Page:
A major strength of our surveillance effort is that Anaplasma spp. seroprevalence data are acquired on a monthly basis [31], providing a robust and timely source of information about the dynamic change of Anaplasma spp. exposure across the contiguous US. These data hold strong promise for longitudinal studies to best understand the dynamic nature of Anaplasma spp. prevalence over time. For veterinary healthcare practitioners specifically, this information is of critical importance as disease is often mild or unapparent in the dog, requiring both a working knowledge of risk paired with an impetus to pursue further diagnostics to determine when treatment is necessary for the health of the dog. Similarly, a deeper understanding of risk enhances educational opportunities, with the potential to prevent the indiscriminate use of antibiotics [32] in asymptomatic dogs without thrombocytopenia or other significant blood count changes. Finally, even if dogs with Anaplasma spp. are asympotomatic, this exposure indicates tick infestation which may have or will lead to infection with other tick borne pathogens that may need to be considered.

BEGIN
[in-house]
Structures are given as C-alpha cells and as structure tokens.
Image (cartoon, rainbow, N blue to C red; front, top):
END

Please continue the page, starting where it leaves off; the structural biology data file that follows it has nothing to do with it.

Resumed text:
The forecast model uses 5 years of historical data acquired from IDEXX Laboratories, Inc and previously published relevant covariate factors [16] to help explain variability in our aggregated dataset and to strengthen inferences from our Bayesian spatio-temporal model. As previously described in our explanatory model of Anaplasma spp. seroprevalence, the prevalence of seropositivity increases with increasing precipitation and forestation coverage and decreases with increasing temperature, population density, relative humidity, and elevation. Socioeconomic status and deer/vehicle collisions were positively and negatively correlated with canine Anaplasma seroprevalence, respectively [16]. The potential drivers of infection in the current model vary some from the previously published model because of the differences in statistical methods used. For forecasting, a Bayesian model was chosen because of the ability to control for confounding caused by spatial and temporal autocorrelation seen in disease prevalence data. The associations of annual temperature, forest coverage, and population density remain similar between our previous explanatory model and our forecast model. In contrast, percentage of water coverage was significant in a Bayesian model, but not in the explanatory model [16]. Elevation was found to have a positive association in a Bayesian forecast model, whereas the association was negative in the explanatory model. This can be explained in part by the distribution of the two Anaplasma spp. of dogs. Anaplasma phagocytophilum is the primary cause of seropositivity in dogs in many regions of the United States, and this pathogen is found in high prevalences in the northeastern United States, a region that is higher in elevation and lower temperature, compared to the non-endemic regions of the South and southeastern United States. We acknowledge a limitation in our seroprevalence dataset that it is a “presence-absence” model presented at a crude spatial scale, and as such covariates such as elevation are perceived as uniform over large geographical areas. By extending our model to include climate variables over a similarly large spatial area it was revealed that the association at the regional level is related to the climatic conditions. Despite the aformentioned limitations, using data from 2011-2014 we evaluated observed versus forecasted Anaplasma spp. seroprevalence in 2015, resulting in a weighted correlation between the two maps of 0.987. Given the striking fidelity of our forecast model, we report our 2016 forecast for canine Anaplasma seroprevalence in the contiguous United States.